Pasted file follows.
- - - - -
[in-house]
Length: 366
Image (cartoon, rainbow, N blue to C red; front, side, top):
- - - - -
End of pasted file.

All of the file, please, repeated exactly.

[in-house]
Length: 366
Image (cartoon, rainbow, N blue to C red; front, side, top):